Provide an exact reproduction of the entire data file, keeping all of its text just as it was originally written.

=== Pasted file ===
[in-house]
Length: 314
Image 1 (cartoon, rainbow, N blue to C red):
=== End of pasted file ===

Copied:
[in-house]
Length: 314
Image 1 (cartoon, rainbow, N blue to C red):